Advertisements
    Advertisements
  • Following Us

  • Categories

  • Check out the Archives









  • Awards & Nominations

  • Advertisements

“Ladies, That Was Fun”: What’s Happening Under the Hood in “Death Proof”…

Okay… Warren’s sending over shots, and you know the house rules. If he sends over shots, you gotta do them.

What?

Hey, them’s the rules, baby.

Warren says it, we do it!

I love that philosophy! “Warren says it, we do it.”

The filming of Kill Bill, Vol. 1 and Kill Bill, Vol. 2 took nine arduous months. There were a variety of reasons for this, most obviously that the film represented a departure from the stylistic sensibilities and aesthetic associated with Quentin Tarantino. A director best known for his snappy dialogue and vivid characters was pushing himself outside of his comfort zone, building a movie that would incorporate elaborate action sequences and even an animated interlude. In fact, the films came after something of a short break in the director’s career. The six year gap following Jackie Brown was the longest in his career to that point.

As shooting was winding down, an incident occurred on the set. Details of that incident would not be made public for more than a decade and a half, although it would have a profound impact on all involved. By all accounts, Tarantino pressured Uma Thurman into driving a stunt car herself, leading to an accident. Thurman recalls, “The steering wheel was at my belly and my legs were jammed under me. I felt this searing pain and thought, ‘Oh my God, I’m never going to walk again.’” Thurman was not paralysed, but she was scarred by the experience, with a “permanently damaged neck and […] screwed-up knees.”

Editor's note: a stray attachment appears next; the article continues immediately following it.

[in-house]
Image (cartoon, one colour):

It was an act of reckless malfeasance from a director who had – with Reservoir Dogs and Pulp Fiction – announced himself as one of the preeminent directorial voices of his generation. Tarantino is remarkable among directors of his generation for establishing a cult of personality, being as effective on the chat show circuit as behind the camera. Tarantino has been known for making brass pronouncements and asserting his authority, from his famous assertion that he is god within his fictional universes to his insistence on shutting down lines of questioning in interviews to rejecting reporters’ questions outright.

The case involving Tarantino and Thurman is perhaps more complicated than a lot of the similar stories of directorial abuse that have entered the spotlight since the #metoo movement rippled through Hollywood. This complexity is compounded by the fact that Thurman has publicly forgiven Tarantino for his part in the accident, and for Tarantino’s contrition on that point. (Tarantino’s public support of progressive causes like Black Lives Matter also plays a part, even if there is still a larger debate to be had about Tarantino’s relationship with African American culture.)

Even if none of this was made public until after the release of The Hateful Eight, these details hang over a lot of Tarantino’s work since the accident. Tarantino has conceded, “Beyond one of the biggest regrets of my career, it is one of the biggest regrets of my life.” It is notable that Tarantino had always been particularly close to Thurman. The story for the Kill Bill films is credited to “Q and U”, the pair practically living together during the development of the story. (Tarantino allegedly promised the script to the actor as a thirtieth birthday present.)

The tragedy echoes through a lot of Tarantino’s subsequent work. It is notable, for example, that a lot of Tarantino’s later work focuses explicitly on the idea of rewriting history. Inglourious Basterds famously offers an alternate ending to the Second World War, a striking piece of historical revisionism. There are also shades of the tragedy to be found in Once Upon a Time… in Hollywood, which features two protagonists that are – to quote actor Brad Pitt – “two sides of the same coin.” Rick is a washed-up has-been who worries he is out of touch. However, his best friend is a reckless stuntman who may have killed his wife.